“With all these concurrent efforts, eventually there will be a bike-legal alternative to the PCT from Canada to Mexico, which is really exciting,” says McNamara.


Dirt Magic

The pandemic changed a lot of societal norms, including the public’s desire to recreate outdoors. There was already a solid movement toward trails and public lands before COVID-19, but the swarms of people flocking to the great outdoors in the summer of 2020 put pressure on elected officials, federal agencies and local municipalities to provide more funding for trails and recreation facilities.

The influx of new full-time residents to Truckee has further impacted the amount of vehicle traffic in town as well as users on the trails. Matt Chappell, founding member and board president of Truckee Dirt Union, is focused on creating more opportunities for people to ride their bikes without having to drive, relieving congestion on local roads.

Kamron Williams of the Sierra Buttes Trail Stewardship works a mini excavator on a series of new trails in Plumas County, photo by Ryan Salm

“There’s only so much parking available in Truckee,” says Chappell. “We want to get more people on bikes without putting another car on the road, and the way we achieve this is through expanding trails connectivity and close-to-home, ‘lunch-lap’ trail networks.”

In 2014, Truckee voters passed Measure R, a quarter-cent sales tax increase to fund the Truckee River Legacy Trail and other local projects. Thanks in part to the efforts of the Truckee Trails Foundation, the measure has raised $10 million for trails, bikeways and trail maintenance. Voters on June 7 also passed Measure U, the Truckee Trails Renewal Measure, which upped the sales tax from a quarter-cent to a half-cent to raise approximately $3 million annually for more projects, including the expansion of the Legacy Trail. 

The Truckee Donner Land Trust’s recent acquisition of Truckee Springs, a 26-acre downtown parcel along the Truckee River, will enable the extension of the Legacy Trail to Highway 89. This connection will eventually allow the public to ride from downtown Truckee to Olympic Valley, and on to Tahoe City on a multi-use path along the Truckee River, directly accessing hundreds of miles of dirt singletrack such as the Tahoe Rim Trail, Western States Trail, Sawtooth Ridge and the developing Donkey Town trail network.

“We’ve always viewed public access as one of our founding principles when conserving land,” says John Svahn, executive director of the Truckee Donner Land Trust. “Trails and open space go hand-in-hand, and there are at least a dozen organizations working together for more trails and better public access in the Truckee area.”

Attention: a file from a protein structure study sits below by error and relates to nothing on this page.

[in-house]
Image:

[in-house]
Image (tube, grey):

When it comes to the dirt, Chappell has a clear vision of what he’d like to see in the community he’s been a part of since 1997. Through a skilled, motivated and enthusiastic labor force, Truckee Dirt Union volunteer trail days regularly pull close to 50 community members, including kids and families helping build and maintain trails in Truckee.

“Our focus as a nonprofit is simply, ‘What can we do to help?’” says Chappell. “Most members of [Truckee Dirt Union] already have full-time jobs. All we want to do is provide the labor of love to make outdoor experiences in Truckee better for everyone on mountain bikes with a collaborative approach. Truckee has a distinct trail culture thanks to our community builders, and we exist to celebrate it and keep it alive.”

With the potential and momentum behind trails in Truckee, Chappell sees an opportunity for Truckee Dirt Union to create a shared grassroots vision through the community’s trail builders and trail users. And although the organization is mountain bike–focused, Chappell values the importance of true multi-use trails, working collaboratively with other hiking, equestrian and motorized groups with a different focus so that all members of the community who volunteer have an opportunity to help shape the outcome.

Although the purpose of trails has evolved from the early days of mere survival into modern recreation and leisure, the importance of trails in our lives is unchanged; we need them to maintain our mental and physical balance in a more complex world. Many who choose to live in the Lake Tahoe, Truckee and Lost Sierra regions do it for the love of the outdoors and the endless miles of accessible trails.

Williams calls this love of creating and experiencing trails “dirt magic,” but these paths aren’t just magically built and funded. It takes a community to rally around an idea, put in the sweat equity and write the checks needed to create legacy projects that provide smiles for millions of people for the foreseeable future. And hopefully, hundreds of years from now, the public will look back on the efforts by community leaders, donors and volunteers and celebrate their vision of creating dirt magic for all to enjoy. 

Kurt Gensheimer (@trail_whisperer) is a Verdi resident with nearly 20 years of experience as a freelance writer and storyteller, working with outdoor industry brands, trail organizations and tourism agencies to promote trails, recreation and specifically mountain biking as a viable economic engine for mountain communities across the West. 


How the Lend a Hand

To get involved, donate funds or learn more, check out the following websites related to Connected Communities and other multi-use trail projects happening in the Tahoe and Lost Sierra regions: